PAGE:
Schedule An Appointment
Frequently Asked Questions about the Visian ICL™ (IMPLANTABLE COLLAMER LENS)
Candidates for the Visian ICL are between 21 and 45 years of age, suffer from myopia (nearsightedness), and want to experience superior vision correction. The ideal Visian ICL candidate has not undergone any ophthalmic surgery and does not have a history of eye disease such as iritis, glaucoma, or diabetic retinopathy.
Nearly anyone seeking clearer vision may be a Visian ICL candidate, including those with special or extreme vision correction needs. Patients should contact a qualified Visian ICL surgeon for more information, including an assessment of their candidacy. Without a enough anterior chamber depth or endothelial cell density may not be a good Visian ICL candidate.
A qualified ophthalmologist will insert the Visian ICL through a small micro-opening, placing it inside the eye just behind the iris in front of the eye's natural lens. The Visian ICL is designed to stay in position with no special care. Learn more about the Visian ICL surgery procedure.
Prior to being placed on the market, the Visian ICL was subject to extensive research and development. Today, more than 40,000 people worldwide enjoy the benefits of the device. In US clinical study, over 99 percent of patients were satisfied with their implant. The Visian ICL has a track record of stable, consistently excellent clinical outcomes. The lens has been available internationally for over 15 years.
No, most patients state that they are very comfortable throughout the procedure. Your ophthalmologist will use topical anesthetic drops prior to the procedure and may choose to administer a light sedative as well.
The Visian ICL is made of Collamer®, a highly biocompatible advanced lens material which contains a small amount of purified collagen. Collamer does not cause a reaction inside the eye and it contains an ultraviolet blocker that provides protection to the eye. Collamer is a material proprietary to STAAR Surgical Company.
One advantage of the Visian ICL is that it offers treatment flexibility. If your vision changes dramatically after receiving the implant, your surgeon can remove and replace it. If necessary, another procedure can be performed at any time. Patients can wear glasses or contact lenses as needed following treatment with the Visian ICL. The implant does not treat presbyopia (difficulty with reading in people 40 and older), but you can use reading glasses as needed after receiving the Visian ICL.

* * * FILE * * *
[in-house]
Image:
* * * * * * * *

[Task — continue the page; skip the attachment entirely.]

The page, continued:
The surgical procedure to implant the Visian ICL is simple and painless. As a Visian ICL candidate, your surgeon will prepare your eyes one to two weeks prior to the procedure by using a laser to create two very small openings in the colored part of your eye which lies between the lens and the front chamber of your eye. This allows for the natural passage of fluids between the two areas, thereby avoiding the build up of intraocular pressure following the treatment.
The implantation procedure itself takes about 15 minutes and is performed on an outpatient basis, though you will have to make arrangements for someone to drive you to and from the procedure.
You can expect to experience very little discomfort during the Visian ICL implantation. You will undergo treatment while under a light topical or local anesthetic, perhaps with the addition of a mild sedative. Following surgery, you may use prescription eye drops or oral medication. The day after surgery, you will return to your surgeon for a follow-up visit. You will also have follow-up visits one month and six months following the procedure.
Although the Visian ICL is intended to remain in place permanently, a qualified ophthalmologist can remove the implant if necessary.
The Visian ICL is designed to be completely unobtrusive after it is put in place. It stays in position by itself and does not interact with any of the eye’s structures.
LASIK and Teens: Concerns for Feb 17th 2015
LASIK Goggles: What Are They Jan 19th 2015
Rejuvenating an Aging Eye: Presbyopia Dec 17th 2014
LASIK Surgery for Astigmatism: What Nov 17th 2014
LASIK for Farsightedness: Treating Refractive Oct 21st 2014
Correcting Nearsightedness with LASIK Surgery Sep 17th 2014
Dry Eye After LASIK: Dealing Aug 23rd 2014
Caring for the Eyes to Jul 17th 2014
LASIK and Flex Spending Accounts Jun 17th 2014
What Are the Success Rates May 17th 2014